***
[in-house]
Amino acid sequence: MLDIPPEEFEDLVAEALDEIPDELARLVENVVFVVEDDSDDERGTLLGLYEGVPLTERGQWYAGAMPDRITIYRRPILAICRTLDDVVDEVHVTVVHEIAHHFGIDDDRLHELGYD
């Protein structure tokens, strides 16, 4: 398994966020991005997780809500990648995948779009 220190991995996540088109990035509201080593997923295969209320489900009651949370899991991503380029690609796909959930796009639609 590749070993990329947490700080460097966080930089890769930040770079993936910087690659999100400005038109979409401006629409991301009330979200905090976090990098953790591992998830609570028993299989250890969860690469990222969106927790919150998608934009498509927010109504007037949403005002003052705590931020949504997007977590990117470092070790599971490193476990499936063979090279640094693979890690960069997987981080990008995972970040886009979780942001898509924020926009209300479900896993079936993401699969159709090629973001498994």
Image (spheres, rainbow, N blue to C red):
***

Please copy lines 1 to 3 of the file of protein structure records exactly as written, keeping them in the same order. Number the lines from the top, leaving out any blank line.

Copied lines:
[in-house]
Amino acid sequence: MLDIPPEEFEDLVAEALDEIPDELARLVENVVFVVEDDSDDERGTLLGLYEGVPLTERGQWYAGAMPDRITIYRRPILAICRTLDDVVDEVHVTVVHEIAHHFGIDDDRLHELGYD
């Protein structure tokens, strides 16, 4: 398994966020991005997780809500990648995948779009 220190991995996540088109990035509201080593997923295969209320489900009651949370899991991503380029690609796909959930796009639609 590749070993990329947490700080460097966080930089890769930040770079993936910087690659999100400005038109979409401006629409991301009330979200905090976090990098953790591992998830609570028993299989250890969860690469990222969106927790919150998608934009498509927010109504007037949403005002003052705590931020949504997007977590990117470092070790599971490193476990499936063979090279640094693979890690960069997987981080990008995972970040886009979780942001898509924020926009209300479900896993079936993401699969159709090629973001498994």